Is there any thought process behind changing the icon of Stack Overflow
Yes, as the name change blog post stated, we do plan on sharing a little more about the new logo, its history, why we decided we needed to update it, and what changes we made. That post is coming soon. We meant to get it out earlier last week but we've been fairly busy updating the brand and other exciting projects.
To answer this question specifically, here's a small excerpt from the forthcoming blog post:
Earlier this year, the Design team and key stakeholders took part in an exercise to explore and better understand our brand. We worked through what we thought Stack Overflow represented, what we wanted Stack Overflow to represent, what you—the community—thought Stack Overflow represented. This process made us confront the fact that our branding efforts weren’t communicating effectively.
Many of our brand incongruities sprang from the fact that we lacked a systematic brand approach. How we approached design varied across the company—between products, teams, projects, and even individuals. And you—our community—bore the brunt of this. It fell to our community to figure what was different and why that mattered. These inconsistencies created unnecessary barriers, tensions, and learning curves within our brand and products.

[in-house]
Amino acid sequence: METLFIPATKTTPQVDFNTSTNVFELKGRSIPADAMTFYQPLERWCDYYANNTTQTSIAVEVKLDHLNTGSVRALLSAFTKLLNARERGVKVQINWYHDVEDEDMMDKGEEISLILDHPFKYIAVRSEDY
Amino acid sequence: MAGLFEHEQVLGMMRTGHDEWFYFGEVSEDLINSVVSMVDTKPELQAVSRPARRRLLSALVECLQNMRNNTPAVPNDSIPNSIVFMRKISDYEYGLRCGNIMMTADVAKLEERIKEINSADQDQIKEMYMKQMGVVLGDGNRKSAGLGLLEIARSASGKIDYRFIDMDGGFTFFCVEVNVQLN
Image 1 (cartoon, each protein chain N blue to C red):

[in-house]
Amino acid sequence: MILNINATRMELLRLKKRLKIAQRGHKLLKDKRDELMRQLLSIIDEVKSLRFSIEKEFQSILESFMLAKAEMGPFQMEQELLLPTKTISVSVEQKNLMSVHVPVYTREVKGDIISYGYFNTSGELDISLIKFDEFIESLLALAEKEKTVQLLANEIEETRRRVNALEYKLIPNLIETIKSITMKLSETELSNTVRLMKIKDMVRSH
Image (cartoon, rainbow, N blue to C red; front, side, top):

Understanding this, earlier this spring the design team started discussing re-aligning the Stack Overflow brand experience. Our goals were to:
This update may not seem like huge step forward visually. Many might not even notice a difference. But it’s a big step forward for us. For the first time at Stack Overflow, we've developed a systematic approach that will allow our growing team to be visually consistent wherever you experience Stack Overflow.
It has all to do with the rename of the company back to 'Stack Overflow' (before the company was named 'Stack Exchange'). The icon is the new company logo. The site logo has been updated with that.
We thought it was pretty awesome then, and it’s still pretty awesome now. So, the design team didn’t change much, and just made a simple, clean update to the existing logo.
There wasn't a real reason mentioned in the article, just that it looks better.